Reference Standard Material and its relevance?

The US Food and Drug Administration defines a reference-standard material as a “highly purified compound that is well characterized”.

The US Pharmacopeia (USP) defines reference-standard materials as “highly characterized specimens of drug substances, excipients, reportable impurities, degradation products, compendial reagents, and performance calibrators”.

Scientists performing analytical testing use reference standards to determine quantitative (e.g., assay and impurity) as well as qualitative (e.g., identification tests) data, performance standards, and calibrators (e.g., melting point standards). The quality and purity of reference standards, therefore, are critical for reaching scientifically valid results.

Reference standards can be segregated into two groups: chemical and nuclidic  Chemical purity must be determined for both groups; nuclidic reference standards, however, also need to be evaluated for radionuclidic and radiochemical purity.

Types of reference-standard materials

Reference-standard materials can be broadly categorized as such:

  • Assays—used to determine potency for active pharmaceutical ingredients (APIs) and salts
  • Degradation products—used to identify and possibly to quantitate degradation products
  • Process impurities—used to identify and possibly quantitate process-related compounds
  • Resolution—used to determine assay performance or impurity method
  • Metabolites—used to identify and possibly to quantitate substances generated through a metabolic process.

The level of characterization depends on the intended use of the reference standard. For example, a reference standard used to determine potency requires full characterization and qualification. A reference standard used as a resolution component or identification requires less discerning analyses.

Sources of reference-standard materials

Reference standards can be compendial or noncompendial and are typically obtained from the following sources.

Compendial (primary):

  • Pharmacopeias such as the United States Pharmacopeia (USP), European Pharmacopoeia (EP), or Japanese Pharmacopoeia (JP)
  • Nationally recognized standard institutions such as the National Institute for Standards and Testing (NIST).

Noncompendial (secondary):

  • The user (custom manufactures or synthesizes the reference standard)
  • Contract manufacturer
  • Companies such as chemical suppliers.

Reference-standard materials that are synthesized by the user or supplied by a contract manufacturer or secondary company must be characterized. Both the reference standards and drug substance may be synthesized initially using the same process. The reference standard should be of the highest purity possible; the drug substance may require further purification to become a reference standard (additional purification steps used for a drug substance should be fully described and included in any regulatory filing).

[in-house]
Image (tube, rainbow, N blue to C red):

Storage and impurity detection

Impurities classified as organic (process and drug related), inorganic, or residual solvents can be introduced during the manufacturing process for the drug substance, drug product, or excipient and/or through storage of the material. Impurities should be controlled throughout the manufacturing process. Impurities that are process-related should be kept to a minimum to avoid degradation and unwanted pharmacological effects. Compounds that are susceptible to hydrolysis, for example, should be thoroughly dried to remove moisture and then stored in a desiccator. Reference standards that contain a high percentage of organic volatile impurities may experience purity changes over time as the solvents evaporate. Impurities within acetone, a Class 3 solvent, for example, are permissible up to 5000 ppm or 0.5%, according to USP and ICH guidelines . The amount of acetone present may change during storage because of its volatility and therefore may alter the reference standard’s purity.

Another reason to limit impurities is demonstrated in the following scenario. Consider a reference standard that is 90% pure. The remaining 10% of impurities have to be identified and monitored through the life of the material. More analytical tests must be performed, and the probability of the purity changing during the review period increases. Then consider a reference standard with a purity of 99.9%, which has less need for additional characterization and potential degradation. Such a product can be monitored more effectively. In addition, this type of standard reduces the degree of systematic and random error from the combined analytical tests.

If the reference standard is in a salt form, the amount of salt present must be determined so that the purity can be corrected for content. Applying the molecular weight to the correction will not account for residual salt that may be produced during synthesis. If possible, it is recommended the reference standard be in a salt-free state to reduce the characterization tests required.

Article courtesy: Web resources

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